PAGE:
Neuronal Ceroid Lipofuscinosis 4A (ARSG gene, American Staffordshire Terrier)

Neuronal ceroid lipofuscinosis 4A (NCL4A), currently known as lysosomal storage disease, is characterized by the accumulation of toxic substances inside neurons. Unlike other lipofuscinoses, it has a late onset, in adulthood. NCL4A is caused by a deficiency in arylsulfatase G enzyme activity.

Symptoms

The first symptoms of the disease appear between 3 and 5 years of age. The onset of the pathology is later and has a slower progression compared to other lipofuscinoses. Symptoms include lack of muscle coordination, tremors, abnormal eye movements, abnormal gait, and difficulty with balance and jumping. Unlike other lipofuscinoses, there are no visual disturbances.

Disease Management

Unfortunately, NCL4A has no cure and treatment is usually focused on alleviating the symptoms and improving the quality of life of the affected dog. Given the severity of the symptoms in some affected dogs, euthanasia is often resorted to. If you suspect that your dog has any symptoms related to NCL4A, you should see your veterinarian for evaluation.

Genetic basis

This disease follows an autosomal recessive mode of inheritance. Autosomal recessive inheritance means that the dog, regardless of sex, must receive two copies of the mutation or pathogenic variant to be at risk of developing the disease. Both parents of an affected dog must carry at least one copy of the mutation. Animals with only one copy of the mutation are not at increased risk of developing the disease, but may pass the mutation on to future generations. Breeding between dogs carrying genetic variants that can cause disease, even if they do not show symptoms, is not recommended.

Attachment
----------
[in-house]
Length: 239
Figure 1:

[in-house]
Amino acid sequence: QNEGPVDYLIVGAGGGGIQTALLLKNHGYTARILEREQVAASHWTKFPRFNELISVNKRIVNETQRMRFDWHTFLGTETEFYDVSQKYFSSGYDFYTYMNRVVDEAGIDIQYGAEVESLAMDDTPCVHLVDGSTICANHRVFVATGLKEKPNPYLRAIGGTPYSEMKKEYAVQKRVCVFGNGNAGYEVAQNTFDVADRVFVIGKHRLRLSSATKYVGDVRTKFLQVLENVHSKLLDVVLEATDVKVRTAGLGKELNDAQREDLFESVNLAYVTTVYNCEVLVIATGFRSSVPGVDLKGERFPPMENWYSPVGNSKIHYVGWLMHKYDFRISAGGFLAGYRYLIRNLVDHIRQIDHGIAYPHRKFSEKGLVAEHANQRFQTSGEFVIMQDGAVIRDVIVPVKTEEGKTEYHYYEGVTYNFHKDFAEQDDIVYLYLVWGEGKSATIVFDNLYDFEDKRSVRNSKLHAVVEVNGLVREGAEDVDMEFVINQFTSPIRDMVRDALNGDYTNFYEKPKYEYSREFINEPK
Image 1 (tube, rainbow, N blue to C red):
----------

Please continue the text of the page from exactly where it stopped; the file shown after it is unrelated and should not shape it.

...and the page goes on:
Technical report

Neuronal ceroid lipofuscinoses (NCLs) are lysosomal storage diseases characterized by the accumulation of fluorescent lipofuscin granules in the lysosomes of neurons, resulting in early neuronal death and progressive neurodegeneration of the central nervous system. These diseases are caused by mutations in various genes, the age of onset of symptoms and progression vary with the specific form of the disease and the underlying mutation. The variant causing this type of lipofuscinosis is c.296G>A of the ARSG gene encoding for arylsulfatase G. Arylsulfatase G is an enzyme found in lysosomes and is involved in the degradation of substances such as steroids, carbohydrates, proteoglycans and glycolipids by hydrolysis of sulfate esters and sulfamates. When this enzyme does not function properly, the accumulation of substances that are toxic, especially to neurons, occurs. The c.296G>A mutation was identified in American Staffordshire Terrier dogs and the severity of NCL4A symptoms was found to be variable among affected dogs, showing that environmental factors other than genetics may be involved.

Most affected breeds

  • American Staffordshire Terrier

Bibliography

Abitbol M, Thibaud JL, Olby NJ,et al. A canine Arylsulfatase G (ARSG) mutation leading to a sulfatase deficiency is associated with neuronal ceroid lipofuscinosis. Proc Natl Acad Sci U S A. 2010 Aug 17;107(33):14775-80.

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